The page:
Autogyro Trim Control

Bensen Autogyro Trim Control

Bensen-Autogyro-01-Logo

 

Bensen Aircraft, manufacturer of autogyro aircraft, in Raleigh, North Carolina.

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Steve Hines’ 4th-5th-year-college summer job.

 

       Two years before graduating from college, Steve Hines’ summer job in Research & Development at Bensen Aircraft under the direction of Igor Bensen, pioneer in autogyro aircraft.  


 

      The assignment was to develop an in-flight trim control, to compensate for the shifting weight of the fuel tank, mounted on the front-left.  As the fuel was used, the autogyro would gradually pitch up and roll to the right.  

      Before the summer was out, Steve had filled a notebook with technical ideas, notes, and photos of prototypes.  The solution used a single cable (shown in red) to do two things, to adjust the pitch, and the roll.  Pulling the red cable made the rotor and the craft pitch up.  Pulling the yellow cable changed the angle of the red cable from left to right, to affect the roll of the craft.  The in-flight trim control was successfully test flown by Igor Bensen, in a B-8 Gyrocopter like that shown above.  

     The trim control is based on the geometry of an ellipse which can be drawn with a string attached at two points, the foci. 

      The curved lower edge of the aluminum plate is the part of the circle which closely matches part of an ellipse. 

      The triangular frame swings around a pivot at the center of the circle, approximating an ellipse, within this angle.  This allows the red cable to follow a path, between the two foci of the ellipse, without changing path length.  The red cable pulls on the back of the rotor gimbal (out of view) from different angles which makes the rotor tilt left or right, and makes the craft bank left or right.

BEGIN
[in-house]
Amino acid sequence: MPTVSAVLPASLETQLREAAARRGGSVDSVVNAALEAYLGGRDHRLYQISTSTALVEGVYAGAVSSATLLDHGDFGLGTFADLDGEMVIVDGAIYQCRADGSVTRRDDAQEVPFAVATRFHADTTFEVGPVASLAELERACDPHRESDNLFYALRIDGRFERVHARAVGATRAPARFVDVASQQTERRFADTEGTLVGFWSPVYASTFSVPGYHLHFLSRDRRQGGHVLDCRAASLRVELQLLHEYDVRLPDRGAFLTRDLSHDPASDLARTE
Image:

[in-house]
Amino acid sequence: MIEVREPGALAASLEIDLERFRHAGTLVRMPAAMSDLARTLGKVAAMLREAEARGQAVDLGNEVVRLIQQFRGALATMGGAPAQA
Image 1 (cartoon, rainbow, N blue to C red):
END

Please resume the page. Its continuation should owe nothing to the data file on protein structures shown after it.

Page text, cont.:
The upper focus of the ellipse is the red cable’s attachment at the back of the gimbal (out of view).  The lower focus is where the intermediate red cable contacts the upper roller.  

      The movable roller swings in an arc, closely simulating a portion of an ellipse. 

 

      Regardless of how the roller swings left or right, the red cable maintains a constant path length between the foci of the ellipse.  Further, pulling the red pitch-control cable, around the rollers and through the mechanism, has no effect on the swing position of the lower roller.  Therefore, there is complete independence between the two adjustments, both of which are controlled by the same red cable in different ways.  

      The lower ends of both the pitch-control cable (red) and the roll-control cable (yellow) are routed with pulleys to adjustment knobs at the pilot’s seat.  The pitch-control knob is mounted on the side of the seat (so that turning the knob makes the autogyro pitch in the same direction that the knob is turned).  The roll-control knob is mounted on the front of the seat, so that rotation of the knob makes the autogyro roll in the same direction that the knob is turned.

 

Steve Hines, left, with Igor Bensen

 


 

      This is not a product for sale, but is shown as an example of technology, developed by Steve Hines, which clients may expect from HinesLab on a contract basis.

 

Please contact Steve Hines at :
HinesLab
Glendale, California, USA
email: Steve@HinesLab.com
ph. 818-507-5812